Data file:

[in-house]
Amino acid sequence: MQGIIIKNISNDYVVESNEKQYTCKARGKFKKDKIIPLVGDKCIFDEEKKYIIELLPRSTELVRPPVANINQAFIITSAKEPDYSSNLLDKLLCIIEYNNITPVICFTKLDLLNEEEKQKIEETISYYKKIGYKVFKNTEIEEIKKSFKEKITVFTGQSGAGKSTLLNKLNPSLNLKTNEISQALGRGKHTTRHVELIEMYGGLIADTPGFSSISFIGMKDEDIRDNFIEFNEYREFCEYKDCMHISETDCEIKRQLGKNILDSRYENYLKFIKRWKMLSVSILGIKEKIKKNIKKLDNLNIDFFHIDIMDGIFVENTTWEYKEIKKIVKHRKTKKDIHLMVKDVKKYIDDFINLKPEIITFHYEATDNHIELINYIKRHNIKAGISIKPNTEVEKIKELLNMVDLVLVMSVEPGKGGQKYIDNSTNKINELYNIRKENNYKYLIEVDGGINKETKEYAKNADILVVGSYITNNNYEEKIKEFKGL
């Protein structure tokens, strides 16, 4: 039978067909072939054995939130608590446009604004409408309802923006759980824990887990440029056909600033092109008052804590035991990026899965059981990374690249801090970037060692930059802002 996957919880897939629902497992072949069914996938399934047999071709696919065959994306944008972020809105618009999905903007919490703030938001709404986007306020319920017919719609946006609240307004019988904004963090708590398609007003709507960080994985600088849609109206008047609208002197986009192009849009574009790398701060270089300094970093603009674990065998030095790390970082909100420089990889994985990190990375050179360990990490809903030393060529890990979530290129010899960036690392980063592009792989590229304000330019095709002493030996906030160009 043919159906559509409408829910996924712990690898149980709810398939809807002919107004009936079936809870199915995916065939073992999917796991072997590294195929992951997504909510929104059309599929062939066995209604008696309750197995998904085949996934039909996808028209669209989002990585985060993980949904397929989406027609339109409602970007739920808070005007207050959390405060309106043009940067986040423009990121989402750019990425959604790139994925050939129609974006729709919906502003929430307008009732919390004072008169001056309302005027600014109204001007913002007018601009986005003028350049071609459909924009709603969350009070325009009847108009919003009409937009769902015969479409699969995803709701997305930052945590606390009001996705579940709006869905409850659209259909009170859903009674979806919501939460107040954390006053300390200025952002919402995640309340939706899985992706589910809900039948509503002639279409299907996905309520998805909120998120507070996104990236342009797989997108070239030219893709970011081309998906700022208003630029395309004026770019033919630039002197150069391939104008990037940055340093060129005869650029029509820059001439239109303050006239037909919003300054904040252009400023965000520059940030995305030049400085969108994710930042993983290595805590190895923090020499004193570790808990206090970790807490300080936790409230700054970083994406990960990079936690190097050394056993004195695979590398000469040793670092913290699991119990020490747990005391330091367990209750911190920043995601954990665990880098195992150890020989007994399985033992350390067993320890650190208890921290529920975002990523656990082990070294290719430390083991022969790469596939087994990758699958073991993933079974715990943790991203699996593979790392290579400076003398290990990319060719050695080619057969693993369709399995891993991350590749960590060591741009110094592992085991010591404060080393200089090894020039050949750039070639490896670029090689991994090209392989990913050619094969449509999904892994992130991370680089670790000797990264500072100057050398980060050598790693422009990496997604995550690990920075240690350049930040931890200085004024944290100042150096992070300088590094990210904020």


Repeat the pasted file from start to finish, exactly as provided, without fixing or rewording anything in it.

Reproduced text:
[in-house]
Amino acid sequence: MQGIIIKNISNDYVVESNEKQYTCKARGKFKKDKIIPLVGDKCIFDEEKKYIIELLPRSTELVRPPVANINQAFIITSAKEPDYSSNLLDKLLCIIEYNNITPVICFTKLDLLNEEEKQKIEETISYYKKIGYKVFKNTEIEEIKKSFKEKITVFTGQSGAGKSTLLNKLNPSLNLKTNEISQALGRGKHTTRHVELIEMYGGLIADTPGFSSISFIGMKDEDIRDNFIEFNEYREFCEYKDCMHISETDCEIKRQLGKNILDSRYENYLKFIKRWKMLSVSILGIKEKIKKNIKKLDNLNIDFFHIDIMDGIFVENTTWEYKEIKKIVKHRKTKKDIHLMVKDVKKYIDDFINLKPEIITFHYEATDNHIELINYIKRHNIKAGISIKPNTEVEKIKELLNMVDLVLVMSVEPGKGGQKYIDNSTNKINELYNIRKENNYKYLIEVDGGINKETKEYAKNADILVVGSYITNNNYEEKIKEFKGL
């Protein structure tokens, strides 16, 4: 039978067909072939054995939130608590446009604004409408309802923006759980824990887990440029056909600033092109008052804590035991990026899965059981990374690249801090970037060692930059802002 996957919880897939629902497992072949069914996938399934047999071709696919065959994306944008972020809105618009999905903007919490703030938001709404986007306020319920017919719609946006609240307004019988904004963090708590398609007003709507960080994985600088849609109206008047609208002197986009192009849009574009790398701060270089300094970093603009674990065998030095790390970082909100420089990889994985990190990375050179360990990490809903030393060529890990979530290129010899960036690392980063592009792989590229304000330019095709002493030996906030160009 043919159906559509409408829910996924712990690898149980709810398939809807002919107004009936079936809870199915995916065939073992999917796991072997590294195929992951997504909510929104059309599929062939066995209604008696309750197995998904085949996934039909996808028209669209989002990585985060993980949904397929989406027609339109409602970007739920808070005007207050959390405060309106043009940067986040423009990121989402750019990425959604790139994925050939129609974006729709919906502003929430307008009732919390004072008169001056309302005027600014109204001007913002007018601009986005003028350049071609459909924009709603969350009070325009009847108009919003009409937009769902015969479409699969995803709701997305930052945590606390009001996705579940709006869905409850659209259909009170859903009674979806919501939460107040954390006053300390200025952002919402995640309340939706899985992706589910809900039948509503002639279409299907996905309520998805909120998120507070996104990236342009797989997108070239030219893709970011081309998906700022208003630029395309004026770019033919630039002197150069391939104008990037940055340093060129005869650029029509820059001439239109303050006239037909919003300054904040252009400023965000520059940030995305030049400085969108994710930042993983290595805590190895923090020499004193570790808990206090970790807490300080936790409230700054970083994406990960990079936690190097050394056993004195695979590398000469040793670092913290699991119990020490747990005391330091367990209750911190920043995601954990665990880098195992150890020989007994399985033992350390067993320890650190208890921290529920975002990523656990082990070294290719430390083991022969790469596939087994990758699958073991993933079974715990943790991203699996593979790392290579400076003398290990990319060719050695080619057969693993369709399995891993991350590749960590060591741009110094592992085991010591404060080393200089090894020039050949750039070639490896670029090689991994090209392989990913050619094969449509999904892994992130991370680089670790000797990264500072100057050398980060050598790693422009990496997604995550690990920075240690350049930040931890200085004024944290100042150096992070300088590094990210904020």